Last week I published a video on unsafe contact lens materials, in response to viewers asking for safe TTDEye contact alternatives. Since then, I’ve received a few questions asking if Desio contacts are safe. A quick Google search revealed the package insert for their lenses, detailing the composition of their lenses.
The important stuff is on page 1, detailed below:
If you’ve watched my video on TTDEye alternatives, then you know polymacon is a big warning flag. This polymer was initially used in the 60s and 70s for soft contact lenses. However, decades later, scientists discovered that it caused hypoxia.
But what is it exactly?
To keep it simple, it means your cornea isn’t getting enough oxygen. Normally, your cornea obtains oxygen through air exposure. Placing something on top of it, such as a contact lens, prevents it from getting enough oxygen. As a result, hypoxia sets in, leading to a cascade of problems.
Here’s how it happens. First, the cornea reacts by building up lactic acid, drawing water to the cornea. This, in fact, is not a good thing, as it causes the cornea to swell, leading to edema. Most people experience this in the form of hazy vision, which is easy to ignore.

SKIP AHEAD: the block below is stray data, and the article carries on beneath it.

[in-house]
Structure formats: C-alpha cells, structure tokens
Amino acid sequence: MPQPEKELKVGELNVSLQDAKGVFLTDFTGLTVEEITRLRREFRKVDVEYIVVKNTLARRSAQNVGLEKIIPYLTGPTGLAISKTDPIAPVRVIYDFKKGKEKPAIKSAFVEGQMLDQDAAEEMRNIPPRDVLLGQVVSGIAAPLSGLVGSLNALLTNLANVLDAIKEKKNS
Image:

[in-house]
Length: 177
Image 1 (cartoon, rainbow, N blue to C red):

However, as the cornea swells, more serious symptoms that arise include:
- Eye redness
- General eye irritation
- Dry eye
Not exactly pleasant, as you can imagine. For people who choose to continue wearing contacts, however, prolonged hypoxia can lead to serious complications. That includes corneal perforation, microbial infection, a decrease in vision, and even blindness.
But wait, before you panic…
Wearing Desio contacts doesn’t mean you’re guaranteed to go blind. Calm ye britches, as that is a rare complication, thankfully! Even people who wear contacts irresponsibly, such as plopping them in straight from the vial and wearing it overnight, usually don’t go blind, although it will probably cause some serious eye problems (like losing your cornea).
For most people, they’ll probably experience some eye discomfort and redness, if any side effects occur. That’s because other factors, such as your base curve, can influence the risk of side effects when wearing these contacts. If you wear contacts responsibly, i.e; remove them at the first sign of irritation, you’ll be in the clear. Desio even explicitly says this in their package insert.
So, rest assured, wearing these doesn’t mean you’re doomed to wear a surprisingly stylish eye patch for eternity.
On the contrary, you’re probably asking what is safe? Silicone hydrogels are a good bet, as they allow more oxygen permeability. On the downside, you won’t find as many cool lens colors, but it’s up to you to decide if that’s a deal breaker.